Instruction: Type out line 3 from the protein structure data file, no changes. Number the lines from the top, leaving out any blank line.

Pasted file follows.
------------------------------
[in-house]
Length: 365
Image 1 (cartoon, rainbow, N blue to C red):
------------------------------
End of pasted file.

Image 1 (cartoon, rainbow, N blue to C red):